Rain and darkness mix freely in this powerful detective story set in a dystopian, future London.
Adventure games in the point-and-click genre are something that I personally have a huge soft spot for. From the first outing with Leisure Suit Larry to what many consider the golden age of the genre in the mid and early 90s with Indiana Jones and his quest for Atlantis, to Guybrush Threepwood's quest for Big Whoop, and the time travelling madness of Day of the Tentacle. LucasArts was my temple and both Tim Schafer and Ron Gilbert were my childhood gods. A devotion that lives on and is very much alive today. A flame of love that never fades.
Unfortunately, as most of us know, the point-and-click genre didn't fare well when the new millennium came crawling in. The transition to the third dimension simply didn't work and apart from the swan song Grim Fandango, it never felt like the creators of the time knew how to take the genre forward and avoid stagnation. Now, twenty years later, the situation is completely different and the traditional point-and-click adventures have been transformed and reimagined through a subtle embracing and implementation of bits and pieces from other game genres.
It is in this exciting wake that Sunday Gold exists. A game that, like few others, manages to mix and borrow elements from different genres and carve out something of its own that also drips with style. Team17 has taken an entire tub of concepts and ideas and stirred them together into an oddly tasty soup that works surprisingly well. Tried-and-true point-and-click elements are seamlessly blended with turn-based strategy, puzzles and various mini-games that, along with the apt design, contribute to a tasteful unity.
It's a grimy and desolate London that greets you as the adventure begins outside The Jolly Hangman pub. The rain slaps against the cobbles and through the run-down establishment's dingy windows a warm light shines out onto the shiny stones of the pavement. A lonely man, homeless and destitute, sits at the doorstep of the pub in front of his cardboard box home next to an alleyway that has been cordoned off with heavily fortified iron gates.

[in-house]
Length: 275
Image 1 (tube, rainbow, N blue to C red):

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The year is 2070 and you are Frank Barber. A modern day Robin Hood trying to justify his criminal activities by stealing from big business and the rich to give to the less fortunate living on the fringes of society. Perhaps most notably, Frank himself. Heavily in debt to people of shady character, he lives day to day, week to week. Constantly in search of new money, enough to allow him to continue his violent life steeped in blood and ill-gotten wealth.
In Sunday Gold, the target is Hogan Industries. A big company with a really rotten reputation and with information worth millions on the black market for anyone who might manage to get their hands on it. Something that is of course easier said than done and together with their friend Sally and new acquaintance Gavin (a former employee of Hogan Industries) they plan a raid on the office building. And so begins an incredibly dirty journey into the darkness that quickly gets its claws into you and makes the hours literally fly by at a frighteningly fast pace.
Frank is the anchor of Sunday Gold, and while he may not be a character you necessarily either identify with or sympathise with, his crusty demeanour is spellbinding, thanks to the rough-hewn, naturally written dialogue and some absolutely phenomenal voice acting. He's one of three characters you'll control over the course of the game, and you'll also be introduced early on in the adventure to computer genius Gavin as well as the manly, cocky Sally, who more often than not allows her knuckles to do her talking.
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It's a colourful trio to say the least, and the three have their own specialties and abilities that complement each other. Frank is the muscle of the party and is an expert at handling both firearms as well as close combat, yet he also has an eye for detail and can be used to break locks and spot details in the environment. Sally is the tank and the healer, with amazing abilities to both cover up, heal and even enhance the others. She's also really rabid with her fists and has no problem dishing out a jaw slap or two if the moment calls for it.
Lastly, there's Gavin. A certified genius who is well versed in computers and electronics. Perfect for hacking into closed systems or terminals to disable everything from locks to surveillance systems. He's the joker of the group, able to deal devastating blows that bring down unwary opponents with various status effects. Gavin also happens to be the gang's mentally weakest link and the one most easily negatively affected by adversity and stress.